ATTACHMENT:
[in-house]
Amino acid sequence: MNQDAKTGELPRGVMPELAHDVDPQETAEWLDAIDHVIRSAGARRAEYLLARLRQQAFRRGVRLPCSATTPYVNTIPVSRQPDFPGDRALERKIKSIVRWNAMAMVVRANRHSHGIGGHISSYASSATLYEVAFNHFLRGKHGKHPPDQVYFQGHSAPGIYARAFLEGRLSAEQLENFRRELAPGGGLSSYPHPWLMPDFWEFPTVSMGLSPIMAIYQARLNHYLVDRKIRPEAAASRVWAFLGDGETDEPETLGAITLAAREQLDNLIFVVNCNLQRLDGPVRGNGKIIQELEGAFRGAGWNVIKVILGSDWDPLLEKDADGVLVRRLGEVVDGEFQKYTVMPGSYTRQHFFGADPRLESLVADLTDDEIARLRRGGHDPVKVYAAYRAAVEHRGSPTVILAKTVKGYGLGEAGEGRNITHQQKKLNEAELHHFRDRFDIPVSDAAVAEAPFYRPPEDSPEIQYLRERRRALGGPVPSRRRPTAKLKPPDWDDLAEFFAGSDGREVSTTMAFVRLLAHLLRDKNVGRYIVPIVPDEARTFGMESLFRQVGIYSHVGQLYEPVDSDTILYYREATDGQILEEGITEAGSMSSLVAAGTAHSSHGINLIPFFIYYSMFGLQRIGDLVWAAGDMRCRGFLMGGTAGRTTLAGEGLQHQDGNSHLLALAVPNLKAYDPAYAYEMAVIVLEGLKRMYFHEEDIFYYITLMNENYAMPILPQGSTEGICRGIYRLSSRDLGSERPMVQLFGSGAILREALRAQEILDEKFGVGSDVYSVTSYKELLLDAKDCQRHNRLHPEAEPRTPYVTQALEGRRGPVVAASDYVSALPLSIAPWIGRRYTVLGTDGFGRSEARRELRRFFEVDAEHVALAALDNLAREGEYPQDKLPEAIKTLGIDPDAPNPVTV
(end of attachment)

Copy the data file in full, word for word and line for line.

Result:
[in-house]
Amino acid sequence: MNQDAKTGELPRGVMPELAHDVDPQETAEWLDAIDHVIRSAGARRAEYLLARLRQQAFRRGVRLPCSATTPYVNTIPVSRQPDFPGDRALERKIKSIVRWNAMAMVVRANRHSHGIGGHISSYASSATLYEVAFNHFLRGKHGKHPPDQVYFQGHSAPGIYARAFLEGRLSAEQLENFRRELAPGGGLSSYPHPWLMPDFWEFPTVSMGLSPIMAIYQARLNHYLVDRKIRPEAAASRVWAFLGDGETDEPETLGAITLAAREQLDNLIFVVNCNLQRLDGPVRGNGKIIQELEGAFRGAGWNVIKVILGSDWDPLLEKDADGVLVRRLGEVVDGEFQKYTVMPGSYTRQHFFGADPRLESLVADLTDDEIARLRRGGHDPVKVYAAYRAAVEHRGSPTVILAKTVKGYGLGEAGEGRNITHQQKKLNEAELHHFRDRFDIPVSDAAVAEAPFYRPPEDSPEIQYLRERRRALGGPVPSRRRPTAKLKPPDWDDLAEFFAGSDGREVSTTMAFVRLLAHLLRDKNVGRYIVPIVPDEARTFGMESLFRQVGIYSHVGQLYEPVDSDTILYYREATDGQILEEGITEAGSMSSLVAAGTAHSSHGINLIPFFIYYSMFGLQRIGDLVWAAGDMRCRGFLMGGTAGRTTLAGEGLQHQDGNSHLLALAVPNLKAYDPAYAYEMAVIVLEGLKRMYFHEEDIFYYITLMNENYAMPILPQGSTEGICRGIYRLSSRDLGSERPMVQLFGSGAILREALRAQEILDEKFGVGSDVYSVTSYKELLLDAKDCQRHNRLHPEAEPRTPYVTQALEGRRGPVVAASDYVSALPLSIAPWIGRRYTVLGTDGFGRSEARRELRRFFEVDAEHVALAALDNLAREGEYPQDKLPEAIKTLGIDPDAPNPVTV